The Ministry of Defence last week put forward a set of proposals for significant reform of the single source procurement regime.

The proposals, set out in a Command Paper entitled Defence and Security Industrial Strategy: reform of the Single Source Contract Regulations, are a result of the periodic review of the regime that the Secretary of State is required to conduct under the Defence Reform Act 2014. The review is due to conclude by December 2022 in line with the statutory timescales; and is also timed to enable it to contribute to the delivery of the policy outcomes of the Defence and Security Industrial Strategy (DSIS), which was published last year.

The Paper contains 30 separate proposals for changes to the legislation and the associated statutory guidance and policy, which follow on from the SSRO recommendations published last June.  They are divided into three themes: (1) Choice and Flexibility; (2) Speed and Simplicity; and (3) Stimulating Innovation and Exploiting Technology. Key proposals include:

1. Choice and Flexibility

  • Changes to the legislation to allow, in certain specified circumstances, contracts to be priced by reference to an established market price rather than using the bottom-up pricing formula.
  • Amendments to the Cost Risk Adjustment (step 2 of the statutory profit rate calculation), so that rather than just an adjustment to reflect the risk of actual allowable costs differing from estimated allowable costs as is currently the case, this step would allow the adjustment to take account of other financial risks. Note that no change has been proposed to the amount of the incentive adjustment (step 5 of the calculation),  despite the SSRO having previously indicated that it would support this.
  • Changes to allow for a contract to be split into different segments, each of which can have its own approach to pricing, profit rate and calculation of final price. This will include defining how the various segments must be aggregated, and safeguards intended to ensure that this can be done in a proportionate and pragmatic way.
  • Addition of a new regulation stating that, where a contract becomes a QDC by amendment, there is no requirement to apply the pricing formula to work where scope and price were agreed prior to conversion.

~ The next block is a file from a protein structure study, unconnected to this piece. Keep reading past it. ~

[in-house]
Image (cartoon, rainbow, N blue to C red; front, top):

2. Speed and Simplicity 

  • Simplifying the existing 6 step profit rate calculation as set out in Regulation 11 of the Single Source Contract Regulations (SSCR). The paper proposes that this is reduced to 4 steps, by removing: 
    1. the POCO adjustment, the purpose of which is to ensure that prime contractors entering into intra-group subcontracts are only able to charge profit on costs once. Going forward, it is proposed that POCO will be dealt with solely through costs; and 
    2. the SSRO Funding Adjustment, via which Industry is currently required to contribute to the funding of the Single Source Regulations Office (SSRO). This will instead be fully funded by MOD.
  • Proposals to increase the SSRO’s role, with the aim of encouraging use of the statutory process to resolve issues and so making negotiations quicker and more effective. The proposed changes include allowing the SSRO to issue guidance on all aspects of the regime, not just those currently set out in the legislation, and will also give the SSRO the ability to give opinions about the operation of the regulatory framework without the need for a joint referral.
  • Changes in reporting requirements, which aim to ensure that these requirements relate only to information that MOD needs and will use, reducing unnecessary burden on suppliers. This includes limiting the use of the Defined Pricing Structure (DPS), with interim contract reports following the Contractor’s own work breakdown structure instead.

3. Stimulating Innovation and Exploiting Technology

There are three proposals in this area, which relate to adapting the legislation and guidance to cater for different contracting approaches to encourage innovation - e.g. allowing co-funding of research and ensuring that R&D costs can be recovered through overheads.

Implementation of Proposals

Implementation of these wide-ranging proposals will require amendments to primary and secondary legislation, as well as the associated statutory guidance and policy. Whilst no specific timescales are given for this, the intention is for the substantive amendments, which will involve changes to the SSCR, to be introduced in two tranches: (1) to implement “key flexibilities” such as alternative pricing methods, and (2) to implement the remaining changes. The changes to the primary legislation to enable this will depend on available parliamentary time.

The paper invites industry stakeholders to respond to the proposals in the Command Paper, and emphasises that industry will continue to be involved as the draft amendments are developed. However, given the significant stakeholder engagement on this topic over the last two years,  and taking into account the relatively short timescales for conclusion of the review, any meaningful movement away from these principles seems unlikely at this stage. So, whilst it remains to be seen exactly how the various proposals will be addressed, the Paper provides those involved in single source contracting with a reliable preview of the direction of travel for the regulatory regime over the coming years.